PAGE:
It wasn’t a shock that people like unlimited time off, but what was surprising was that over the course of the year, employees took roughly the same number of vacation days under our unlimited policy as they did the year before, when we accrued paid time off (PTO) in a more traditional system. For most of our team, both accrued PTO and unlimited PTO each averaged about three weeks per year, plus 10 paid holidays, making for a total of five paid weeks off.

If unlimited vacation didn’t significantly move the needle, we wondered: Why did our team value it so highly? We found that unlimited vacation was at least as valuable for what it said as for what it did.

Offering unlimited vacation communicated that we viewed our staff holistically–acknowledging that employees had demands and interests beyond work that can’t always be scheduled in advance.

Our unlimited vacation policies also conveyed trust, making employees–not their managers or HR directors–responsible for making sure their tasks and projects still got done regardless of the time they take away from the office.

Third, unlimited vacation treats our employees as individuals. Work styles and personal lives differ, both from person to person and year to year. Those differences have implications for the amount of time off people need in order to lead healthy, productive lives, and an unlimited policy gives them the freedom to adapt their time off to their circumstances.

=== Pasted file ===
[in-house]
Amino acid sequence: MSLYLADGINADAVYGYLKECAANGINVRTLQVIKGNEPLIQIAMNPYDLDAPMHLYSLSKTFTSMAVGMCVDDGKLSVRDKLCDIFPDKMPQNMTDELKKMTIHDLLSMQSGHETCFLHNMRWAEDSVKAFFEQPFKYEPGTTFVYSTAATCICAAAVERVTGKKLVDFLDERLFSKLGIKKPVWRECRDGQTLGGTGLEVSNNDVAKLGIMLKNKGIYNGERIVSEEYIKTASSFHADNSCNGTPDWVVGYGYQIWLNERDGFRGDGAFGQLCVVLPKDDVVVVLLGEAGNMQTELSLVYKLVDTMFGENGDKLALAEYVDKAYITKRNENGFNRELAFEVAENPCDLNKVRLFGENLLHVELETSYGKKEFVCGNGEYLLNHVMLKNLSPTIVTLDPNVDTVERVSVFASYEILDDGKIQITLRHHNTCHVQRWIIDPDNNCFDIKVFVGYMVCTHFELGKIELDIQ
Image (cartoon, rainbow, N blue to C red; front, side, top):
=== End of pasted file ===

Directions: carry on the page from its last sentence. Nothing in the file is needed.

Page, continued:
After we finished our experiment, I wrote an article for Fast Company that was also published internationally. Through the responses I received from business leaders, it’s clear that for the most part, employers and employees are actually moving closer together, rather than on a collision course. Unlimited vacation policies aren’t for every company. But if you decide to implement it for your team, don’t focus your efforts on simply curbing abuse or combatting non-use. Instead, focus on connecting your policy to your culture and values, and training both your managers and employees on how to set and measure clear expectations. That way, you’ll stand the best chance that your team will use it exactly as it’s intended–to help them excel both at work and at home.

What advice would you suggest to your colleagues in your industry to thrive and avoid burnout?